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United States Department of Agriculture

Agricultural Research Service

Title: Expression of Genes for An Opioid-Like Receptor and An Endogenous Ligand, Nociceptin, in the Pig Brain.

item Weesner, Gary

Submitted to: Journal of Animal Science Supplement
Publication Type: Abstract Only
Publication Acceptance Date: June 7, 1996
Publication Date: N/A

Technical Abstract: An opioid-like receptor (ORL-1) has been described in the rodent central nervous system that is structurally similar to the family of opioid receptors. The presence of this receptor in the hypothalamus, limbic areas, and spinal cord suggests that it may be involved in neuroendocrine regulation, learning and memory, and sensory perception. This receptor does not bind any of the known endogenous opioid peptides; however, activation of this receptor with the heptadecapeptide Nociceptin results in increased pain sensitivity and locomotor changes in rats. Such a receptor-ligand neural pathway, if present in food animals, would likely influence these animals' behavior and well-being. The objective of this experiment was to determine if the genes for ORL-1 and nociceptin are expressed in the hypothalamus of the pig. Total RNA was extracted from the hypothalamic and preoptic area (HYP/POA) regions of mature boars (n=10), was reverse transcribed, then subjected to polymerase chain reaction (PCR) PCR primers were designed to amplify a 506 bp fragment of ORL-1 gene and a 199 bp fragment of the nociceptin gene. The amplified products were later subjected to restriction endonuclease digestion. Agarose gel electrophoresis showed that appropriately-sized PCR products, reflecting the ORL-1 and nociceptin mRNAs, were produced in all ten of the porcine HYP/POA RNA samples. In addition, enzyme digestion produced products that were identical in size to those predicted for the rodent genes. These results are consistent with the theory that this opioid-like receptor (ORL-1) and an endogenous ligand are produced in the pig brain. Since this neural pathway is now identified in the pig, we can begin to evaluate its implied role in the physiological and psychological well-being of the pig.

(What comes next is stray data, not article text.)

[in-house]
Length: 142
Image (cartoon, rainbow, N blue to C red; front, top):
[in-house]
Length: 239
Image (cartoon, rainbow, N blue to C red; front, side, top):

Last Modified: 4/19/2015
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